Friday, April 18, 2014

The Macondo of the soul: How Gabriel García Márquez taught me to believe in words

I was a girl growing up in a Guatemala wracked by a bloody, undeclared civil war. I knew magic existed, because I knew books existed. And there was one I wanted desperately to read — Cien Años de Soledad — One Hundred Years of Solitude, which was on my mother’s nightstand and on the lips of every adult in my life. I was seven.

“Can I read it?” I asked my mother.

“No, you’re not old enough,” she responded.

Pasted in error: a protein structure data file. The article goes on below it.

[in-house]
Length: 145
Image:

I knew what that meant. It must have sex in it, and no amount of complaining would change her mind.


García Márquez was a journalist before he became a fiction writer and I, who have followed that same trajectory, understand perfectly why. Some truths can only be told in fiction; some reports rival the most vile and grotesque imaginings.

To read this column in its entirety, click here.

1 comment:

  1. Marquez has got story telling talent. The books is good but you will eventually get bored out of the monotonous and expected creations, but some characters are worth pondering upon.


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